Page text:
Neurocysticercosis is caused by the CNS infection with the pork tapeworm Taenia solium, which is endemic in most low-income countries where pigs are raised. This form of cysticercosis is a relevant cause of seizures in endemic areas.
The disease is endemic in Central and South America, Asia and Africa. The perpetuation of this parasitic disease is related to poor sanitation and hygiene.
There is no gender or race predilection and most symptomatic patients are aged 15-40 years 4.
There is a variable time interval between the point of infection and the onset of symptoms (ranging from 1-30 years).
Clinical presentation includes 1:
- seizures: most common symptom and the most common cause of seizures in young adults in endemic areas 2
- altered mental status
- neurological deficits
- Bruns syndrome: caused by cysticerci cysts of the third and fourth ventricle 4
CSF serology may be helpful with the initial diagnosis especially in cases of intraventricular/subarachnoid infection 2.
Infection, which leads to extra-intestinal disease (including neurocysticercosis), usually occurs as a result of eating food or drinking water contaminated by human feces containing T. solium eggs. This is distinct from the 'normal' life cycle in which the undercooked pork is eaten and the larval cysts contained within, mature into adult intestinal tapeworm 3.
Extra-intestinal infection undergoes specific clinical and imaging changes at it progresses through four stages of infection 1.
There are four main stages (also known as Escobar's pathological stages):
- vesicular: viable parasite with intact membrane and therefore no host reaction.
- colloidal vesicular: parasite dies within 4-5 years 1 untreated, or earlier with treatment and the cyst fluid becomes turbid. As the membrane becomes leaky edema surrounds the cyst. This is the most symptomatic stage.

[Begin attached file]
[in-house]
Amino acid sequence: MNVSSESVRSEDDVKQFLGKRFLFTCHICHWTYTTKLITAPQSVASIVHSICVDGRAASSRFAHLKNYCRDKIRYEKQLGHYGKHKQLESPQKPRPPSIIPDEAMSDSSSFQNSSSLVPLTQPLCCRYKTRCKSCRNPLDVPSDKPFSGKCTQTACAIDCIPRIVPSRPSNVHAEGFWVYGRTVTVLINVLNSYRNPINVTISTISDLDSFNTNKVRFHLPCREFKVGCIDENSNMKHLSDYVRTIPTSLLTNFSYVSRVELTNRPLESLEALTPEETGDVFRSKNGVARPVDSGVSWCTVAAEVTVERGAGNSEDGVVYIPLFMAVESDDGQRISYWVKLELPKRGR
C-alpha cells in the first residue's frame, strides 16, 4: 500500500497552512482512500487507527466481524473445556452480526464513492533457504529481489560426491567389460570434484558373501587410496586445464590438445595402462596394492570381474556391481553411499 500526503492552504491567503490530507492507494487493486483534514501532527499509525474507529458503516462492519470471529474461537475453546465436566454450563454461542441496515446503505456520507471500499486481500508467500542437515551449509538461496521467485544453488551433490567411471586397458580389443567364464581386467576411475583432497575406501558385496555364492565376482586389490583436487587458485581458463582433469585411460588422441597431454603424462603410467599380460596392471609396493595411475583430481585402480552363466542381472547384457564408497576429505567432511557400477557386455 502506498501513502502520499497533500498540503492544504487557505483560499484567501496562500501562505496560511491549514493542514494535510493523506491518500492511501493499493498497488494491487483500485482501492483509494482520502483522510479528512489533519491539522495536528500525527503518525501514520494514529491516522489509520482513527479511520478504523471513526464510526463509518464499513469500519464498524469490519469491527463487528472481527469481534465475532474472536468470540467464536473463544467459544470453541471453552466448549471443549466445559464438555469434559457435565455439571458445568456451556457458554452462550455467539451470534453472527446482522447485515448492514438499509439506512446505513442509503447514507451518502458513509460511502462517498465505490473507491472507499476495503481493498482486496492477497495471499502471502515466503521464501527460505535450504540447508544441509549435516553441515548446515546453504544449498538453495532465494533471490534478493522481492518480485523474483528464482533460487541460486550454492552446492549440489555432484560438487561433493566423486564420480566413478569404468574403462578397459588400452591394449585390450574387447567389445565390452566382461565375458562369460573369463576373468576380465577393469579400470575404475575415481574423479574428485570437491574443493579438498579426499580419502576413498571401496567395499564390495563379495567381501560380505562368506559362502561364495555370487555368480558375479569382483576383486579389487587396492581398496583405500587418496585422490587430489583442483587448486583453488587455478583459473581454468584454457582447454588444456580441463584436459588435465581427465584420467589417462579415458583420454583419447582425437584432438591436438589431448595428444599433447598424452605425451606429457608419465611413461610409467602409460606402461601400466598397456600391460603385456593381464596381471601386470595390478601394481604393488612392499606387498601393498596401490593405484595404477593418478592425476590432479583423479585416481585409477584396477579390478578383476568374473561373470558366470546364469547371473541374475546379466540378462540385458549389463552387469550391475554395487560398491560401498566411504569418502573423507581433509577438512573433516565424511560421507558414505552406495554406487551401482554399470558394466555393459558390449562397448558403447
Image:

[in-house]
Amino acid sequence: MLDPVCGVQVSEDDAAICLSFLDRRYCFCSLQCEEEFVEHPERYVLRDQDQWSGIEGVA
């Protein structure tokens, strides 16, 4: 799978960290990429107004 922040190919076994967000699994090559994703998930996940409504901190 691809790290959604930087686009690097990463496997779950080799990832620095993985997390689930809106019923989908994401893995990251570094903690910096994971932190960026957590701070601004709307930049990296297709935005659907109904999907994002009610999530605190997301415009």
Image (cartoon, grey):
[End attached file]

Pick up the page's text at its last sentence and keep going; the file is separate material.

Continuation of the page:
- granular nodular: edema decreases as the cyst retract further; enhancement persists.
- nodular calcified: end-stage quiescent calcified cyst remnant; no edema.
Infection can be both intra- and extra-axial. Commonest locations are 3-5:
- subarachnoid space over the cerebral hemispheres: can be very large
- parenchyma: most common location, frequently seen near the grey matter-white matter junction 4
- basal cisterns
- maybe "grape-like" (racemose): most lack an identifiable scolex
- usually solitary cyst
- 4th ventricle: most frequent location
- spinal forms: associated with concomitant intracranial involvement 4
Typically the parenchymal cysts are small (1 cm) whereas the subarachnoid cysts can be much bigger (up to 9 cm): differential, therefore, being an arachnoid cyst.
Imaging findings depend on the location and stage of infection.
When in the subarachnoid space/interventricular, the cysts typically do not have a visible scolex. In the basal cisterns, they can be grape-like (racemose). The cysts are typically 1-2 cm in diameter 2. Usually, the cysts are similar in signal intensity to CSF, although occasionally cyst fluid may somewhat differ 2.